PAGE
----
In that manner, he apparently succeeded in giving a poor review to The Post's building on 15th Street NW without alienating too many of his colleagues.

Mr. Von Eckardt was born in Berlin on March 6, 1918. His mother was Jewish; his father was not, although he became one of the first university professors to be fired by the Nazis. Mr. Von Eckardt's parents were divorced when he was a boy.

As a teenager, Mr. Von Eckardt was expelled from school in Germany because of his ethnic background. In 1936, he and a younger sister fled Germany with their mother.

Before leaving Germany, he had worked as a printer's apprentice. After arriving in New York, he found work doing the same thing. He also took classes at the New School for Social Research.

Before World War II, he had worked as a freelance commercial designer and designed book covers for the Alfred E. Knopf publishing house. After his wartime Army service and postwar consulting for the West German government, he worked for the U.S. government in Germany to help set up a free, de-Nazified press there.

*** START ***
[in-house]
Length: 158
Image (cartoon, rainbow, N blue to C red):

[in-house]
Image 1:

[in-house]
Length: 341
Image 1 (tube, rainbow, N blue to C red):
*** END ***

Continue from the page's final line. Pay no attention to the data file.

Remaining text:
On returning to this country, he worked for the U.S. Information Agency and then the American Federation of Labor. His family recalled that his career there ended abruptly when he found the recorded music piped into the elevators intolerable and quit.

After working in information and publicity for the American Institute of Architects, he applied to The Post, which then had no architecture critic.

He was hired in 1963 and assigned to write art criticism as well, which he did while successfully concealing that he was colorblind, his wife said.